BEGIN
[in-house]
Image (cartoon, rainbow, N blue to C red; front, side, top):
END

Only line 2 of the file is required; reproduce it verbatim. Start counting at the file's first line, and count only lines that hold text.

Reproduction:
Image (cartoon, rainbow, N blue to C red; front, side, top):